As the protein transition gathers steam, there are many new opportunities for the food and dairy industries. While much attention has been given to developing vegan alternatives, manufacturers are also turning towards ‘blended’ or ‘hybrid’ products that combine the advantages of animal-based and plant-based ingredients.
But a more holistic development approach is needed to truly optimise the benefits, according to NIZO's Wim Engels, Senior Project Manager Fermentation, and Jolanda Lambert, Senior Project Manager Microbiology.
René Floris: What are ‘hybrid’ foods or food ‘blends’?
Wim Engels: These are products combining both animal and alternative, non-animal components: think protein, fat and carbohydrate. Of course, products with both animal and plant components have always been around. But these hybrid foods are specifically targeted towards consumers who are interested in reducing their intake of meat or dairy and replacing it with alternatives, yet who still want products that closely resemble animal-based originals. This last can be hard to achieve with 100% plant ingredients, especially in terms of taste, texture and essential amino acid profiles.
RF: What are the advantages of hybrid products?
Jolanda Lambert: With hybrid products, manufacturers can overcome some of the issues or challenges around either purely animal-based or alternative products, to offer ‘the best of both worlds’ and to reach new markets. Plant proteins, for example, tend to be less soluble than dairy proteins, which can result in dairy alternatives with a gritty mouthfeel, rather than a smooth, rich creaminess. By adding animal-based components, it is easier to achieve the familiar and desired tastes and textures, and also to deliver a high quality of digestible protein and bio-available amino acids. On the other hand, by adding plant ingredients to dairy products, manufacturers can make their costly or less sustainable animal-based ingredients go further, for example, enabling them to reach those new (flexitarian) customers who are interested in a more sustainable diet.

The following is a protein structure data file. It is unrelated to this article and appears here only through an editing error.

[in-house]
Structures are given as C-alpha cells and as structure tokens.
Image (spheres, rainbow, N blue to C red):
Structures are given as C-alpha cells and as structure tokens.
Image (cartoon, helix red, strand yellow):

However, creating the ideal ‘fusion’ product takes more than simply mixing for example, a dairy product with a plant-based product. Firstly, because this approach requires two separate production channels for the individual components. But also because it doesn’t address the main challenges associated with hybrid products.
RF: What are the challenges of developing hybrid products?
WE: Plant proteins are known for having off-flavours, such as ‘beaniness’ or ‘grassiness’, which consumers don’t like in, for example, a yoghurt or milk product. Simply mixing plant and animal components in a dairy hybrid food might deliver ‘positive’ taste and texture elements such as a ‘cheesy’ flavour or ‘creamy’ mouthfeel. But it won’t eliminate those negative plant component flavours or textures.
Furthermore, you need to consider the textural issues. Plant proteins are generally globular and often have low solubility, which has a significant influence on mouthfeel. Dairy caseins, by contrast, are open or ‘unfolded’, resulting in attractive gelling and textural properties. But what happens when you combine them? We know from previous studies that there can be unexpected – and often surprisingly strong – effects when you mix proteins in a product. These can impact nutrition, sensory features, functionality and food safety. But they are hard to predict precisely, and that has to be kept in mind during development.
RF: Why is food safety a particular challenge in hybrid foods?
JL: Obviously, you have to consider the individual food safety challenges of the animal and the plant ingredients. But you also have to think about the impact combining them will have on your manufacturing process and on the microbial contaminants that may be introduced.